Anxiety disorders cost the U.S. more than $42 billion a year, almost one-third of the country's $148 billion total mental health bill, according to "The Economic Burden of Anxiety Disorders," a study commissioned by ADAA (The Journal of Clinical Psychiatry, 60(7), July 1999).

Women are twice as likely to be affected by Panic Disorder, Generalized Anxiety Disorder, Social Anxiety Disorder, and specific phobias and are more likely to deal with Posttraumatic Stress Disorder.

The average person worries about 55 minutes per day. Someone diagnosed with an anxiety disorder can worry up to 300 minutes per day. Imagine a mom spending one hour per day tortured by mental movies of pain, heartache, uncertainty, or disaster while she’s trying to be productive at work, cook dinner for her family, or provide support for her friends. Instead of being present in the here-and-now, worry and anxiety cheat us by introducing fear and panic into our present and causing us to dread the future.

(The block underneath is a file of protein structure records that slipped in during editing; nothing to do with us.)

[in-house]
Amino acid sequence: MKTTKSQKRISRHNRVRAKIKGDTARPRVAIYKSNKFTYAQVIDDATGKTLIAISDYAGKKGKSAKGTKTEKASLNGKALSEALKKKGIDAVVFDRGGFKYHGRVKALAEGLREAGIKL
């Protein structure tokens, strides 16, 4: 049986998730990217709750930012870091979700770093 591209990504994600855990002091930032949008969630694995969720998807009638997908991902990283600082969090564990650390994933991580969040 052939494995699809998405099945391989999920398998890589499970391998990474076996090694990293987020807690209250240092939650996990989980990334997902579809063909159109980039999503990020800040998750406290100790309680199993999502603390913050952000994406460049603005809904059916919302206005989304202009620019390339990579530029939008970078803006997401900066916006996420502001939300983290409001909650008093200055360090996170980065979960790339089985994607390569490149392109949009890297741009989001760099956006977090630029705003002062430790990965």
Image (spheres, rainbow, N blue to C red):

Q: What are the most common things people worry about? What are some of the things you worry about on a regular basis?

According to a 2014 Gallup poll, Americans were most worried about:

·         Money (46%)
·         Direction of our country (46%)
·         Social security system (46%)
·         Possible terrorist attacks (51%)
·         Economy (53%)
·         Availability of healthcare (54%)


My biggest worries were mostly focused in other directions. I spent much of my growing years worried about whether or not God was angry with me. I lived by a system of dos and don’ts because I didn’t understand grace. When I messed up, I obsessed about if God would be angry or punish me. In college, I finally understood grace, so that worry faded into the background.